This was probably the best scifi read on my list for a fair while. Hyperion is a cover version of Chaucer’s Canterbury Tales, but turned into a compelling space opera.

“Hyperion” is a world within the human galatic shere of influence, but contains a mysterious complex of temples populated by a pathological killer called “the Shrike”, and it is to Hyperion that our protagonists are travelling. To pass the time they agree to tell their own tales, and these form the bulk of the detail of the novel. It is a very good mechanism, and serves the story well.

My initial thought was that the use of stories would undermine the novel, and result in a disjointed narrative poorly strung together by the pilgrimage the characters are undertaking. I was pleased to find that while the stories are distinct, they also interrelate very subtly and the novel itself hinges off them well.  However, there is a sequel that I’m thinking will fill many of the unresolved gaps in the story itself.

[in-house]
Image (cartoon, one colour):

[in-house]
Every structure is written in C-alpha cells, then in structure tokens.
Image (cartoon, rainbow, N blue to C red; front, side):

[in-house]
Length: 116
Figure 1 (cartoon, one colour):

The real strength of Hyperion is Simmons story-telling ability. Each of the tales actually feels like it was written by a different author, and each has its individual appeal. For instance, the tale of the “Wandering Jew” and his daughter is deeply sad, and, well, just plain great. On the other hand the Soldier’s tale is saucy, while being both arousing and disturbing.

All in all? Highly recommended.